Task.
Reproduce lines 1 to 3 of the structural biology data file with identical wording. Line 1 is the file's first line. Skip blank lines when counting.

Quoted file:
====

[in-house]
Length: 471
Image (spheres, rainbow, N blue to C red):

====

[in-house]
Length: 471
Image (spheres, rainbow, N blue to C red):